Yukon Public Schools has made the decision to switch from an ACT-based curriculum to an SAT-based curriculum for the 2017-2018 school year.
“We made the decision because we felt like it was the best thing to do for our students moving forward,” Yukon Public Schools superintendent Jason Simeroth said. “Advanced placement (AP) classes are tied to the College Boards and the College Boards are tied to the SAT test, so we felt like this was the right move.”
Most of the public school systems in the state, including Yukon Public Schools have used the ACT-based curriculum for multiple decades but with the ACT, the preparation doesn’t begin as early as the SAT.
With the ACT, students did not begin preparing for the text until they were in 10th grade. Each student would take a practice ACT examination in 10th grade and 11th grade and then go on to take the real exam.
In the SAT format, students begin practice testing in the eighth grade, then they take an introduction class as ninth graders to help prepare them for their second practice test, which takes place as a 10th grader before taking the actual SAT test as juniors.
Simeroth said on top of preparing them for the actual SAT test, there is another benefit of students taking their first PSAT test in eighth grade.
“It allows the students and their parents to better understand and guide them on advanced placement classes going into high school,” Simeroth said.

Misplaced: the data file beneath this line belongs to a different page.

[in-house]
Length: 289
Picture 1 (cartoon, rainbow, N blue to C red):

One of the common perceptions regarding the ACT versus the SAT is that colleges in this area of the country only accept ACT scores.
Simeroth said that is far from the truth.
“That is an urban myth,” Simeroth said. “All of the colleges in the state of Oklahoma accept both the ACT and SAT. I think both are functional and both are good tests. I actually recommend parents having their children take both the ACT and SAT. We just believe the SAT provides better resources for our students.”
Here are some of the benefits the SAT will provide versus what the ACT provides:
-Provides word-to-word dictionary, separate location is optional and paper instructions in native language
-Extended time, computer use on essays, reading and seeing accommodations and four-function calculator
-Individually awarded scholarships through college and scholarship partners
-Four free exams